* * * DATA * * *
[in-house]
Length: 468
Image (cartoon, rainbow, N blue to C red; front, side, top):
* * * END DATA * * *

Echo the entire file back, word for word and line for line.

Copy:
[in-house]
Length: 468
Image (cartoon, rainbow, N blue to C red; front, side, top):